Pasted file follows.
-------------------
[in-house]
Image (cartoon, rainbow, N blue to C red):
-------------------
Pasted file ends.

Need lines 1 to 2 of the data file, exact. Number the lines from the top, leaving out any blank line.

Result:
[in-house]
Image (cartoon, rainbow, N blue to C red):